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  8. Jaron Lanier, The Dissent of Darwin.
    When zoologist Richard Dawkins' The Selfish Gene was published 20 years ago, it practically snuffed out many readers' belief in God and in their own importance, for it described in stunning and terrifying detail a world where all life was merely the conveyor belt for the gene. Its mission: to replicate itself. DNA was the fundamental and irreducible unit of life that spun itself endlessly into the incredible diversity of flora and fauna. Everything we hold most dear--acts of love, altruism, (...)
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  9. James Miles (1998). Unnatural Selection. Philosophy 73 (4):593-608.
    This paper shows how the last twenty-five years of vocal human Darwinism (human sociobiology and evolutionary psychology) directly rejects the ‘selfish gene’ theory it is supposedly based upon. ‘Evangelistic sociobiology’, as Dawkins has called it, argues that humans evolved to be ‘the altruistic ape’. Using selfish gene theory this paper shows that we are born just another selfish ape. Given the ‘gross immorality’ (George Williams) of natural selection, one implication is that modern genetics has yet to face up to our (...)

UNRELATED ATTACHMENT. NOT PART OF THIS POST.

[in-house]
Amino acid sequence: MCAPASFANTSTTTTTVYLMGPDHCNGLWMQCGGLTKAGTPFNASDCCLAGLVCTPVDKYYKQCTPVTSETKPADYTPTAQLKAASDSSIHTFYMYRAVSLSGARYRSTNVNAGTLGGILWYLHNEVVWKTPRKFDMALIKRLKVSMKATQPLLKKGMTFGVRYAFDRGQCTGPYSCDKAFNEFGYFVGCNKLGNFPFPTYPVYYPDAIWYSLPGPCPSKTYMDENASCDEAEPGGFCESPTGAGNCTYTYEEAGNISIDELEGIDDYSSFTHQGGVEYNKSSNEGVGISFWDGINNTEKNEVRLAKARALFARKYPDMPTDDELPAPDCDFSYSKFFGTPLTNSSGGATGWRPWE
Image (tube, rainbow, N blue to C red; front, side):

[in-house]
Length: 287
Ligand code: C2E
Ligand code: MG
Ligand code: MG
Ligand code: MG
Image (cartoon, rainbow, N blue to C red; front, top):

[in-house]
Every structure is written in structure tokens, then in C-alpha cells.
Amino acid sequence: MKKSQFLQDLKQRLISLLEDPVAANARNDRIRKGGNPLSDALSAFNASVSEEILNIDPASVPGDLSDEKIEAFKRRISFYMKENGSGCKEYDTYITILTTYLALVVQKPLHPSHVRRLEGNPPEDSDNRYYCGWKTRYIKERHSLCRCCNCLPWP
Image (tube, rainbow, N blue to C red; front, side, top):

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  10. Kim Sterelny, Kelly C. Smith & Michael Dickison (1996). The Extended Replicator. Biology and Philosophy 11 (3):377-403.
    This paper evaluates and criticises the developmental systems conception of evolution and develops instead an extension of the gene's eye conception of evolution. We argue (i) Dawkin's attempt to segregate developmental and evolutionary issues about genes is unsatisfactory. On plausible views of development it is arbitrary to single out genes as the units of selection. (ii) The genotype does not carry information about the phenotype in any way that distinguishes the role of the genes in development from that other factors. (...)
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  11. Rasmus Grønfeldt Winther, Michael J. Wade & Christopher C. Dimond (2013). Pluralism in Evolutionary Controversies: Styles and Averaging Strategies in Hierarchical Selection Theories. Biology and Philosophy 28 (6):957-979.
    Two controversies exist regarding the appropriate characterization of hierarchical and adaptive evolution in natural populations. In biology, there is the Wright-Fisher controversy over the relative roles of random genetic drift, natural selection, population structure, and interdemic selection in adaptive evolution begun by Sewall Wright and Ronald Aylmer Fisher. There is also the Units of Selection debate, spanning both the biological and the philosophical literature and including the impassioned group-selection debate. Why do these two discourses exist separately, and interact relatively little? (...)